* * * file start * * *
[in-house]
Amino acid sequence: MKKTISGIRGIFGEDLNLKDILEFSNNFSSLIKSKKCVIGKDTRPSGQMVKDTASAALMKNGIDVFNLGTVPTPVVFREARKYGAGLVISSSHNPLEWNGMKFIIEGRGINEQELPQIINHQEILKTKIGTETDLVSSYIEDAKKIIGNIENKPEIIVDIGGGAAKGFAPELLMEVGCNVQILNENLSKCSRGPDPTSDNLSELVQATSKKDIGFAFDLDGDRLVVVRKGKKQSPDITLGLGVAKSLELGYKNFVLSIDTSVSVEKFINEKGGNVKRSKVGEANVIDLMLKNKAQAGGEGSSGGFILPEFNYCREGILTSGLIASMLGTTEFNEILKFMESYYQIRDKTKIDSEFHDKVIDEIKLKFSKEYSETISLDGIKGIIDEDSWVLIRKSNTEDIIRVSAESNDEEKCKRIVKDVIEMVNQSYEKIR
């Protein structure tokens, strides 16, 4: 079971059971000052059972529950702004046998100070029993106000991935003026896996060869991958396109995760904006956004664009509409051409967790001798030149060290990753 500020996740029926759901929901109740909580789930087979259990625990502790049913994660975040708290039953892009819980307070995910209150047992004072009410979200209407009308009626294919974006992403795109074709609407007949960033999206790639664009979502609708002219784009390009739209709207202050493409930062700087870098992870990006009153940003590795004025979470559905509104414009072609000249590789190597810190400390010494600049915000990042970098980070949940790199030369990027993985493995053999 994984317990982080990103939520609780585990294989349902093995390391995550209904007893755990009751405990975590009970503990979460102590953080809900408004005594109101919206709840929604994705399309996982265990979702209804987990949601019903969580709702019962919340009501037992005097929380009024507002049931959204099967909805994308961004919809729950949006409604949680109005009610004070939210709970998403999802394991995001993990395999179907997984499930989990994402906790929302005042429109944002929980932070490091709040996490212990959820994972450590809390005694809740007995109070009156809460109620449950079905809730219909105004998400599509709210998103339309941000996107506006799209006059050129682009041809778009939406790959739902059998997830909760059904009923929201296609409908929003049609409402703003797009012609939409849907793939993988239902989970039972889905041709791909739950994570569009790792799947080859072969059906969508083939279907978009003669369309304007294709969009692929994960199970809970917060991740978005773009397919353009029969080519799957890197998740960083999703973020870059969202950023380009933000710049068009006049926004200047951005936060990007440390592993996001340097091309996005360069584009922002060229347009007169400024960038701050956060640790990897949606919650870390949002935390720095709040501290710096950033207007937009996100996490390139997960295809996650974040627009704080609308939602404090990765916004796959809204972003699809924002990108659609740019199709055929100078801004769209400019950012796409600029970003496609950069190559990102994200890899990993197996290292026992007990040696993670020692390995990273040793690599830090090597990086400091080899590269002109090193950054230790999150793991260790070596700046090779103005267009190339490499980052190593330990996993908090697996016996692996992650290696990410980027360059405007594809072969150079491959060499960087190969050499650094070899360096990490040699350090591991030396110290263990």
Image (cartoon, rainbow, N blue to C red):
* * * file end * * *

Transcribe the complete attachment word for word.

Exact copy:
[in-house]
Amino acid sequence: MKKTISGIRGIFGEDLNLKDILEFSNNFSSLIKSKKCVIGKDTRPSGQMVKDTASAALMKNGIDVFNLGTVPTPVVFREARKYGAGLVISSSHNPLEWNGMKFIIEGRGINEQELPQIINHQEILKTKIGTETDLVSSYIEDAKKIIGNIENKPEIIVDIGGGAAKGFAPELLMEVGCNVQILNENLSKCSRGPDPTSDNLSELVQATSKKDIGFAFDLDGDRLVVVRKGKKQSPDITLGLGVAKSLELGYKNFVLSIDTSVSVEKFINEKGGNVKRSKVGEANVIDLMLKNKAQAGGEGSSGGFILPEFNYCREGILTSGLIASMLGTTEFNEILKFMESYYQIRDKTKIDSEFHDKVIDEIKLKFSKEYSETISLDGIKGIIDEDSWVLIRKSNTEDIIRVSAESNDEEKCKRIVKDVIEMVNQSYEKIR
């Protein structure tokens, strides 16, 4: 079971059971000052059972529950702004046998100070029993106000991935003026896996060869991958396109995760904006956004664009509409051409967790001798030149060290990753 500020996740029926759901929901109740909580789930087979259990625990502790049913994660975040708290039953892009819980307070995910209150047992004072009410979200209407009308009626294919974006992403795109074709609407007949960033999206790639664009979502609708002219784009390009739209709207202050493409930062700087870098992870990006009153940003590795004025979470559905509104414009072609000249590789190597810190400390010494600049915000990042970098980070949940790199030369990027993985493995053999 994984317990982080990103939520609780585990294989349902093995390391995550209904007893755990009751405990975590009970503990979460102590953080809900408004005594109101919206709840929604994705399309996982265990979702209804987990949601019903969580709702019962919340009501037992005097929380009024507002049931959204099967909805994308961004919809729950949006409604949680109005009610004070939210709970998403999802394991995001993990395999179907997984499930989990994402906790929302005042429109944002929980932070490091709040996490212990959820994972450590809390005694809740007995109070009156809460109620449950079905809730219909105004998400599509709210998103339309941000996107506006799209006059050129682009041809778009939406790959739902059998997830909760059904009923929201296609409908929003049609409402703003797009012609939409849907793939993988239902989970039972889905041709791909739950994570569009790792799947080859072969059906969508083939279907978009003669369309304007294709969009692929994960199970809970917060991740978005773009397919353009029969080519799957890197998740960083999703973020870059969202950023380009933000710049068009006049926004200047951005936060990007440390592993996001340097091309996005360069584009922002060229347009007169400024960038701050956060640790990897949606919650870390949002935390720095709040501290710096950033207007937009996100996490390139997960295809996650974040627009704080609308939602404090990765916004796959809204972003699809924002990108659609740019199709055929100078801004769209400019950012796409600029970003496609950069190559990102994200890899990993197996290292026992007990040696993670020692390995990273040793690599830090090597990086400091080899590269002109090193950054230790999150793991260790070596700046090779103005267009190339490499980052190593330990996993908090697996016996692996992650290696990410980027360059405007594809072969150079491959060499960087190969050499650094070899360096990490040699350090591991030396110290263990």
Image (cartoon, rainbow, N blue to C red):